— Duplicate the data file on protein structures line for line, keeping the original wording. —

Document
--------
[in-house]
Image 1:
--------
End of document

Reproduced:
[in-house]
Image 1: